Ursula knows things that most white middle-class American Peace Corps Volunteers don’t know. She’s not surprised that indigenous Bolivians live in cities and wear jeans and T-shirts; Indians in America do too. But she also realizes that she is Indian but not Bolivian, rich and privileged by most Bolivian standards while still poor and a minority in her own country, in the land she will return to.

There are some nice descriptions of “successful” Volunteers who mount large and dramatic projects — Daniel, who helps villagers dig wells and build a school with a basketball court. We hear about some of her own work, but it is primarily about people and relationships, not about monuments and successful programs. And always there is the questioning — about colonialism and development, missionaries and charity, indigenous and modern. She takes notice of and pride in her hosts’ maintaining Quechua and other native languages, and she empathizes with their struggles with traditional and modern, education and survival.

This book is also brutally honest about Volunteers and sex, Volunteers and alcohol and drugs. Cheap cocaine, male Volunteers’ competition for Bolivian women’s sexual favors, and the difficult gender roles and aspirations of Bolivians themselves become very personal for Ursula Pike. There are times in the book when I wanted to read on but feared doing so.

This first book is brief, only 230 pages, but it is an important book. I was pleased in the introduction to see that her “dog-eared copy” of Moritz Thomsen’s Living Poor is one of a few travel books she clung to as she wrote her own. I remember reading parts of that book in the Peace Corps Volunteer magazine when I was in my village, remember Moritz calculating how many minutes an Ecuadorian clearing land could work on one banana. Living Poor has always been my favorite Peace Corps book, and my touchstone book on poverty and the human condition. An Indian among los Indigenes will go on the shelf beside it. And I will wait for more.

That’s one way to wrap up this review. Here’s another that I am sure will ring like a bell for many in Peace Corps land:

“The girls hugged me and asked me why I had to leave. Despite whatever I did or didn’t do, they loved me and wanted me to stay. I had never imagined it would be this difficult to leave.”









Rich Wandschneider (Turkey 1965-67) went to Oregon 50 years ago, after five years as a Peace Corps Volunteer (rural CD)  and staff member. His first work was for the Extension Service as a “community development” worker. Launching a bookstore in 1976 led him to meet Alvin Josephy. Josephy had written the big book on the Nez Perce, and was a leading historian of and advocate for American Indians.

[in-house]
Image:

With Josephy’s help, in 1988 Rich launched Fishtrap, a non-profit promoting writers and writing in the West, and for 20 years he brought scores of writers to the Wallowa. Rich now heads the “Josephy Library of Western History and Culture” in Western Oregon. He also writes a blog associated with the books, Indians, history and culture of  American Indians.


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  • Thanks you Rich–an outstanding review about a book that deserves a broad audience–Ursula brings an important perspective to the plight of the Indigenous communities. I appreciated your reference to “Living Poor” which I too include as a touchstone book and Moritz my patron saint of authors. Cheers, Mark

  • In the mid-1960 at the Dept of Health, Welfare, and Education (then named), I worked with Carl Sykes a returned Peace Corps volunteer in Turkey and met many of his friends from there and learned much about the old and current (then) ways both folk and modern. Over the drifting years since then I lost sight of him. I had been in the Ghana One cohort in 1961 (et’d with my dad’s death.
    But always in these intervening decades prick up my ears about what is happening and being said about Turkey, an almost magical place in my reveries. Especially in these recent years I often think “Carl would know” and long backward for enduring connections.
    My sister Agnes (“Cookie”) and her prof husband in Claremont CA Michael McGaha who have been friends of Orhan Pamuk keep me informed somewhat. But Carl would be my go-to guy for sure expecially for the guys and gals on the streets level.